Religious freedom is enshrined in the constitution and generally upheld by authorities. The government does not restrict academic freedom.
The rights of assembly and association are guaranteed but not always respected. Following the 2009 presidential election, security forces violently dispersed hundreds of protesters staging a peaceful demonstration in front of the electoral commission.
Due to the lack of strong opposition parties, nongovernmental organizations (NGOs) serve as important vehicles for scrutiny of the government. However, it is difficult for these groups to operate freely. In 2008, the interior minister suspended 22 NGOs for a week after they issued a public statement criticizing the government. Civil society leader Marc Ona Essangui was prevented from leaving the country to attend international conferences on four occasions in 2008.
Virtually the entire private-sector workforce is unionized. Collective bargaining is allowed by industry, not by firm. In June 2009, the government reached agreement with a number of public-sector unions and ended most ongoing strikes, which had intermittently involved oil workers, health workers, and teachers over the past two years. However, the new government placed restrictions on trade unions in October 2009, including banning public sector employees from holding paid senior union positions and withholding wages from striking workers during strike action.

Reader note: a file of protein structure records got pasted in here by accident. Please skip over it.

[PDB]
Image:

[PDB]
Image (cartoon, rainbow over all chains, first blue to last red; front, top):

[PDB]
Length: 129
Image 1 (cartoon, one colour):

The judiciary is not independent. Judges may deliver summary verdicts in some cases, and torture is sometimes used to produce confessions. However, the rights to legal counsel and a public criminal trial are generally respected. Prison conditions are poor, and arbitrary arrest and long periods of pretrial detention are common.
Discrimination against immigrants is widespread. Though equal under the law, most of Gabon’s several thousand indigenous Pygmies live in extreme poverty in isolated forest communities without access to government services, and they are often exploited as cheap labor.
While there are no legal restrictions on travel, interference by the authorities occurs regularly. In September 2009, the government banned opposition leaders from leaving the country pending an investigation into postelection violence. Business conditions remain difficult; Gabon ranked 158 out of 183 countries in the World Bank’s 2010 Doing Business survey.
Gabon has been criticized for the exploitation of thousands of child laborers who arrive from other African countries to work as domestic servants. The government has cooperated with international organizations to fight child trafficking, but says it lacks sufficient resources to tackle the problem.

Legal protections for women include equal-access laws for education, business, and investment, but these laws favor educated women in urban areas. Several women hold high-level positions in the new government, including the minister of defense and the minister of justice. Women have no property rights in widely practiced common-law marriages, and they continue to face societal discrimination, particularly in rural areas. Domestic violence is reportedly widespread. Children and young adults are susceptible to ritual killings, and 12 such killings were reported ahead of the 2008 local elections. At least 11 ritual crimes were confirmed in 2009. Rape is illegal but seldom prosecuted, and abortion is prohibited.